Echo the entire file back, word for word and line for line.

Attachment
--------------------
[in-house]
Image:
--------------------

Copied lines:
[in-house]
Image: